Recent buzz from the Long Now Blog, MetaFilter, and Jane McGonigal spurred a huge spike in traffic. We had several new entries last month and many more rumored to be coming soon. Here's what we have for May.
Cartography by Benjamin Alan Mohr
Here's an example of a classic genre with a clever visual motif. Each tile has land and water. One player is trying to create self-contained areas of land (islands) while the other is trying to create self-contained areas of water (lakes). I look forward to giving this one a play or two.
The Movie Game by Tonio Loewald
(or the World-Playing Game) This game is sort of a freeform narrative exercise in which each player takes on the role of a character from a movie, using the beginning, middle or end as a breakpoint from the established story. Together, the players take turns being the protagonist and supporting cast.
Rush Run Riot by Kelvin Beriguete
This kinda-sorta chess variant strips down your pieces to kings, pawns and "bouncers." Much like Arimaa, you have the option of moving pawns twice, but can trade in those movements to move a bouncer. Bouncers are neutral and can be moved by either player. Interesting!
Sáto by Kristian Järventaus
In the long tradition of scifi-inspired board games, Kristian presents a hexagonal abstract strategy elimination game. The pieces are all identical, but have some interesting methods of moving around the hexagonal grid. Because pieces can move along concentric circles, I wonder how hard it'll be to anticipate and plan offensive maneuvers.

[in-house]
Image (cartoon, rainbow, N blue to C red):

F*ckin' Do It Then by Ryan Hughes (NSFW Language)
So far, the majority of challenge entrants have been very cerebral affairs, so I'm delighted to see this visceral title enter the mix. Players draw random words and bid on whether they can make another player guess their word with as few clues as possible.
Venn’s Revenge by Louis J. Cassorla
This entry is one of the few to have an explicitly stated social agenda: To improve spatial recognition abilities in all players. Players draw circles on overlapping sheets of translucent paper, trying to overlap previously drawn circles. I must admit, I'm still trying to parse the rules as written, but perhaps it'll be easier when it actually hits the table.
Klon by Antoine Richard
Chess has several nuanced rules of movement to learn before you ever make your first move. Antoine has taken a slightly different direction, imposing those movement rules on specific spaces of the board while leaving the pieces themselves generic. He apparently even made his own wooden board!